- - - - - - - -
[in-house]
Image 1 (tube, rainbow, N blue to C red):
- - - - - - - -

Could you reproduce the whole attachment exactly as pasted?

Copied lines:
[in-house]
Image 1 (tube, rainbow, N blue to C red):